Privacy discussion with Hagemann Continued: Citizens Spying on Each Other

Links to articles in the present discussion, in order from least to most recent:

Original article by Hagemann

My first response

Hagemann’s response


Continuing a conversation about the right to privacy with the Niskanen Center’s Ryan Hagemann, I want to discuss the particular issue of privacy violations in interpersonal interactions; that is, between citizens, not involving corporate or state violators. I think this is an important topic for two reasons:

(1) Understanding what constitutes a privacy violation in an everyday person-to-person context gives more relatable grounding to controversies regarding privacy in relation to complex systems and institutions.

(2) This topic provides an opportunity to examine the curious feature of privacy violations, by individuals and by the state, that their harm lies in the subjective experience of the violated party, and thus only in their discovery.


Agreement and Disagreement

In summary, so far, Hagemann and I have agreed that, at least in the modern Western political context, people share an appreciation for the intrinsic–as opposed to merely the instrumental–value of privacy. We agree that this conception of privacy as something intrinsically valuable is adequately described as “freedom from accusatory observation”.  While people desire privacy for a variety of instrumental reasons, this particular understanding of the intrinsic value of privacy best explains several important modern controversies involving privacy violations by the government. The two I have discussed most at length are the controversies surrounding spying by the NSA and the overpolicing of housing projects.

We disagree about the scope of application of this conception of the intrinsic value of privacy, in particular about whether it applies to typical cases of privacy violations of one citizen by another. Hagemann has argued the need for

a tripartite contextual distinction for conceptualizing privacy based on possible harms that may result from violations: harms that result from invasions of privacy by (1) government, (2) corporations, and (3) individuals. Each of these actors have substantially different harms associated with their violation of individual privacy, and each will accordingly warrant varying degrees of control.

I  argue for closing the gap a bit between (1) and (3). I disagree that the nature of the harm in violations of privacy, on the one hand, by the state, and on the other, by individuals, is necessarily different, even if it is the case that different sanctions are appropriate in the two types of cases.  Privacy as “freedom from accusatory observation” does apply to two different common cases of privacy violations by citizens against other citizens, one contemporary and one relatively timeless. These are the cases of violations of “safe spaces,” as defined in this generation’s left-wing university culture, and of intrusions by voyeurs.


Safe Spaces

The purpose of “safe spaces,” used properly, is to protect people from the judgement of others while they are exploring sensitive or controversial aspects of their identities. Someone coming out of the closet, to name one example, often needs privacy because she lacks the confidence to discuss her explorations with strangers, particularly with strangers who lack the personal experiences necessary to understand the complexity of the explorations in question, and who may thus cause harm via ignorant judgement.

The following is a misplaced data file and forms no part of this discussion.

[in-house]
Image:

For this reason, modern universities tend to have institutions such as Queer Resource Centers or Black Students’ Associations, whose purpose is to provide a private space where people with similar experiences, usually uncommon or marginalized experiences, can discuss them away from the judgmental scrutiny of the public. Sometimes the term “safe space” does not refer to a physical location, but rather to an event or an institutional setting, such as a presentation, or a workplace or classroom environment. The justification for establishing such spaces is that the people who need them have lived under constant judgment in their place of birth, in their younger school years, or in society at large, and thus need a common space designed to be free of scrutiny.

Violations of safe spaces are said to occur when an uninvited, unsympathetic outsider judges the atypical, or non-normative experiences of someone said to be in need of a safe space for the reasons mentioned above. Such a violation is exemplified by, for example, intruding on a private meeting for people discussing their emergent sexual identities in order to counsel repentance or otherwise loudly proclaim one’s opinion, or publishing the names and statements of students attending such a meeting. Provided that the safe space in question is reasonably expected to be a closed space, event, or setting, or that the topic of discussion is one of personal rather than public relevance, the practice of securing and defending such a space seems worthwhile and defensible. It should be perhaps no more controversial than seeking a “safe space” with a psychologist behind closed doors.

There is a similarity between this case of privacy violation and the two others I have mentioned: the overpolicing of public housing projects and NSA spying. All of these cases involve the experience of accusatory observation–that is, the experience of having the moral or legal status of one’s behavior evaluated by a stranger. In the case of “Stop and Frisk”, residents of apartment buildings experience the watchful eyes of police suspiciously scanning for violations of petty offenses, and are made to feel  implied accusation of some inherent criminal or socially deviant tendencies. In case of NSA spying, victims of dragnet surveillance live with the justifiable fear that their personal communications about sensitive religious, political, or strictly personal matters are being scrutinized for suggestions of criminality.